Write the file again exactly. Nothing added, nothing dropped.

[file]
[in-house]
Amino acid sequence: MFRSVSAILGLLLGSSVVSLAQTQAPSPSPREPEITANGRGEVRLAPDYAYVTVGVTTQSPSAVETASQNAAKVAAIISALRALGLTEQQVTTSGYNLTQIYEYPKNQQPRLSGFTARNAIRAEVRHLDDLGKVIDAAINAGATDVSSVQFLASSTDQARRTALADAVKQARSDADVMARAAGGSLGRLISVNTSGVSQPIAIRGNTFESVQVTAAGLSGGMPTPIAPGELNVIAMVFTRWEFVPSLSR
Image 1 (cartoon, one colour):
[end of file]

[in-house]
Amino acid sequence: MFRSVSAILGLLLGSSVVSLAQTQAPSPSPREPEITANGRGEVRLAPDYAYVTVGVTTQSPSAVETASQNAAKVAAIISALRALGLTEQQVTTSGYNLTQIYEYPKNQQPRLSGFTARNAIRAEVRHLDDLGKVIDAAINAGATDVSSVQFLASSTDQARRTALADAVKQARSDADVMARAAGGSLGRLISVNTSGVSQPIAIRGNTFESVQVTAAGLSGGMPTPIAPGELNVIAMVFTRWEFVPSLSR
Image 1 (cartoon, one colour):